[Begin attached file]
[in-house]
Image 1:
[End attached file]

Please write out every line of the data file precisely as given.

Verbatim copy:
[in-house]
Image 1: